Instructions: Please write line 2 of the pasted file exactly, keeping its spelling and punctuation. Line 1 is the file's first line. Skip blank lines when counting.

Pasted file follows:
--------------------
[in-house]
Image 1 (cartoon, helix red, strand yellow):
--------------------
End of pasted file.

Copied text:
Image 1 (cartoon, helix red, strand yellow):